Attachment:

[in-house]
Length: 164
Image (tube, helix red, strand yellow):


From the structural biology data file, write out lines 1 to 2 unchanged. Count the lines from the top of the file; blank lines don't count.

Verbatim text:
[in-house]
Length: 164